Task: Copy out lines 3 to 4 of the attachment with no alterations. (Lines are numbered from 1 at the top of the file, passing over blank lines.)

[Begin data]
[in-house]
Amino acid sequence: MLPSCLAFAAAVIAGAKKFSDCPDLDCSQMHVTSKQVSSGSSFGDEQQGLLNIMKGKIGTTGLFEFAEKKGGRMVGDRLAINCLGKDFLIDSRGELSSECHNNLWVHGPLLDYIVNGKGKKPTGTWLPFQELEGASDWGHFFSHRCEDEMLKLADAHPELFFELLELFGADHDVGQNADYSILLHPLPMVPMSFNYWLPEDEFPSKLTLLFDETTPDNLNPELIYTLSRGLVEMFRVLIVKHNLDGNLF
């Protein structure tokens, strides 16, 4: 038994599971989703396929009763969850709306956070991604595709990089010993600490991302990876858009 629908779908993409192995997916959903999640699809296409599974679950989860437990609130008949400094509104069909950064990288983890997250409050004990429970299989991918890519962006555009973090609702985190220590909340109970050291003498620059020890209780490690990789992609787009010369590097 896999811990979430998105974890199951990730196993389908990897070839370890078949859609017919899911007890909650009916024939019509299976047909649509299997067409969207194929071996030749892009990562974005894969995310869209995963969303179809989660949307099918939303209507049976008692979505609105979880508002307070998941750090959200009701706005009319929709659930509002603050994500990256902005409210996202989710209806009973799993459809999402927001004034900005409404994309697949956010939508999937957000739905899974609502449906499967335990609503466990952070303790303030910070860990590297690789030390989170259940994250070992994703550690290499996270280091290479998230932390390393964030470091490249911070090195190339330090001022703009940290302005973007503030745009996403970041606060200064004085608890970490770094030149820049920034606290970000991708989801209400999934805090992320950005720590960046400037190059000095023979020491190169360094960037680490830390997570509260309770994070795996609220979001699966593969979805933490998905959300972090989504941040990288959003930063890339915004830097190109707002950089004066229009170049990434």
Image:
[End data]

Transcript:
């Protein structure tokens, strides 16, 4: 038994599971989703396929009763969850709306956070991604595709990089010993600490991302990876858009 629908779908993409192995997916959903999640699809296409599974679950989860437990609130008949400094509104069909950064990288983890997250409050004990429970299989991918890519962006555009973090609702985190220590909340109970050291003498620059020890209780490690990789992609787009010369590097 896999811990979430998105974890199951990730196993389908990897070839370890078949859609017919899911007890909650009916024939019509299976047909649509299997067409969207194929071996030749892009990562974005894969995310869209995963969303179809989660949307099918939303209507049976008692979505609105979880508002307070998941750090959200009701706005009319929709659930509002603050994500990256902005409210996202989710209806009973799993459809999402927001004034900005409404994309697949956010939508999937957000739905899974609502449906499967335990609503466990952070303790303030910070860990590297690789030390989170259940994250070992994703550690290499996270280091290479998230932390390393964030470091490249911070090195190339330090001022703009940290302005973007503030745009996403970041606060200064004085608890970490770094030149820049920034606290970000991708989801209400999934805090992320950005720590960046400037190059000095023979020491190169360094960037680490830390997570509260309770994070795996609220979001699966593969979805933490998905959300972090989504941040990288959003930063890339915004830097190109707002950089004066229009170049990434």
Image: